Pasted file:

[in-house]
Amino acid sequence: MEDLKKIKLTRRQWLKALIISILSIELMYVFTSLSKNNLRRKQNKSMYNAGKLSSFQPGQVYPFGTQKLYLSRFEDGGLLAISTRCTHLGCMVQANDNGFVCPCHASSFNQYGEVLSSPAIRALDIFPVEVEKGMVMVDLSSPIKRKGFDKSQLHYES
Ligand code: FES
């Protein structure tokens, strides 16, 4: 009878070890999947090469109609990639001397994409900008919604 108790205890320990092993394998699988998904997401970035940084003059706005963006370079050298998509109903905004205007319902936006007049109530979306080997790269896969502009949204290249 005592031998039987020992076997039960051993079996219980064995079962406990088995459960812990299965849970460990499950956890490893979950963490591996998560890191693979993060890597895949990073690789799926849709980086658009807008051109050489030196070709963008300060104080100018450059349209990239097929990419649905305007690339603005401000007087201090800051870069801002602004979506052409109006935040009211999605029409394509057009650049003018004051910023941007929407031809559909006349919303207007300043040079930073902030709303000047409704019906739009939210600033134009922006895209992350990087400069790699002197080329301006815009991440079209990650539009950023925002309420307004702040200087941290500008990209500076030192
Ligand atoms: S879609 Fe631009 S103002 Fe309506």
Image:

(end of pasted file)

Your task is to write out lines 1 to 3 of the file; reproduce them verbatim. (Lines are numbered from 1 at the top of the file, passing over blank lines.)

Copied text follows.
[in-house]
Amino acid sequence: MEDLKKIKLTRRQWLKALIISILSIELMYVFTSLSKNNLRRKQNKSMYNAGKLSSFQPGQVYPFGTQKLYLSRFEDGGLLAISTRCTHLGCMVQANDNGFVCPCHASSFNQYGEVLSSPAIRALDIFPVEVEKGMVMVDLSSPIKRKGFDKSQLHYES
Ligand code: FES